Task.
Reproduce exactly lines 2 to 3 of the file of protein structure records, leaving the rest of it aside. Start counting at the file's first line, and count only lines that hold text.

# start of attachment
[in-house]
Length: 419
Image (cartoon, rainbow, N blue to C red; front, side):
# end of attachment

Length: 419
Image (cartoon, rainbow, N blue to C red; front, side):